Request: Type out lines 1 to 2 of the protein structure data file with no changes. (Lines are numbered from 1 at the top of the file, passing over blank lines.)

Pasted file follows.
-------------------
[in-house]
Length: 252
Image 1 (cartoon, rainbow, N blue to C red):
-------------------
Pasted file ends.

[in-house]
Length: 252